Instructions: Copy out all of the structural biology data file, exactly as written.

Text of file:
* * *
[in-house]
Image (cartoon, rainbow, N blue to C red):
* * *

[in-house]
Image (cartoon, rainbow, N blue to C red):